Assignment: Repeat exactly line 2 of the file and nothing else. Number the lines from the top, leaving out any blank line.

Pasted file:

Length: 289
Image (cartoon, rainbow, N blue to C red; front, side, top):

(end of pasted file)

Image (cartoon, rainbow, N blue to C red; front, side, top):